Once upon time, these bleak days and long, dark nights of mid-winter were when the American game glowed brightest.
Not only around Puget Sound, but across the continent, the highest form of professional soccer was being played amidst a driving disco beat and within dasher boards and plexiglass.
Now known more commonly as arena soccer, at its height it was identified as indoor, aka six-a-side or speed soccer, at least in Seattle.
Over the coming weeks I will reach back to those nights of yore to share some history and reflections from coaches and management of the Sounders, Stars and Sea Dogs, along with those who literally played wall passes and served their share of minutes in the sin bin.
Growing up a fan of all things Seattle, my sense is that we tend to settle. As if that term is just an ‘a’ away from who we are. There’s rarely an outcry if sports team is stopped short of the summit.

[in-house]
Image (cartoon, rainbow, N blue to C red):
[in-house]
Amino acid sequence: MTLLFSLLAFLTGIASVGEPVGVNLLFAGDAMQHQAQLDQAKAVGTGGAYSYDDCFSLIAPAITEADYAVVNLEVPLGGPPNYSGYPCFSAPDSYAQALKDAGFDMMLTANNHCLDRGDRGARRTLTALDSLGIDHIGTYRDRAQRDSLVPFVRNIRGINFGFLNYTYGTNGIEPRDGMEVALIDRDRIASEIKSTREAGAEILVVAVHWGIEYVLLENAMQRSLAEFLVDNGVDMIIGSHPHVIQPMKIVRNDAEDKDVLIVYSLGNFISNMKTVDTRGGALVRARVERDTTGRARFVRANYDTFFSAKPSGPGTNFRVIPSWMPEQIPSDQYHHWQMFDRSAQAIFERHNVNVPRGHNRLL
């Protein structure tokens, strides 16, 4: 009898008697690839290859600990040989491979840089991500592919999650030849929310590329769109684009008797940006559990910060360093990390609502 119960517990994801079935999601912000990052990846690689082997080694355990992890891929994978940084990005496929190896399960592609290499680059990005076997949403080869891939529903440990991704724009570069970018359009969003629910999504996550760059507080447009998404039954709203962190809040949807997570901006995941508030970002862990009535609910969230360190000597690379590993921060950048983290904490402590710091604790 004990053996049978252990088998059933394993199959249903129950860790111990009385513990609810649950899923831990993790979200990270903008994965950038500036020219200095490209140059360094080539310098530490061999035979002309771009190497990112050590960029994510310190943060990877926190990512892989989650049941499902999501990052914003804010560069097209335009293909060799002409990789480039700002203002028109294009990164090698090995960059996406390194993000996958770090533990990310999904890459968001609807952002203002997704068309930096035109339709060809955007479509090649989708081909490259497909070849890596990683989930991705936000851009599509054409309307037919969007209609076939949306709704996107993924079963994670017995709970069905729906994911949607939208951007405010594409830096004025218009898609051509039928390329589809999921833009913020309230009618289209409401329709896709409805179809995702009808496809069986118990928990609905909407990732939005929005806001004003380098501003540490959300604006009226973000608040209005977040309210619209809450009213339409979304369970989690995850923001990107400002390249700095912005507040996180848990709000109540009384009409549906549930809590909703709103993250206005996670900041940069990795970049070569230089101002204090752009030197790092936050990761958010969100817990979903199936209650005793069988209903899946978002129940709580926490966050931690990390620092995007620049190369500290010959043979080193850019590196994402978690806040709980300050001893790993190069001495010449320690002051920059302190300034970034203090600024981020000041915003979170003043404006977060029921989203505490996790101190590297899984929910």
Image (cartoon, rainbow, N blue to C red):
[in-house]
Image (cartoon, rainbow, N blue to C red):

Unlike some fan bases which shall remain nameless, web-footed western Washington supporters seem to have a comfort zone that begins with playing in bowl games your daddy watched and advancing beyond the first round of any particular playoff.
Oh, sure, we lament underachievement, and we have piques of frustration. But by and large we are OK with, say, winning 116 games but falling short of the World Series. Our passive/aggressive MO merely manifests itself in a faint cry of ‘We’ll get ‘em, next year!’